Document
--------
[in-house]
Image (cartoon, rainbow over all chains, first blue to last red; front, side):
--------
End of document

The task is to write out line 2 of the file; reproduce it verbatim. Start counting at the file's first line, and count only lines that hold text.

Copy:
Image (cartoon, rainbow over all chains, first blue to last red; front, side):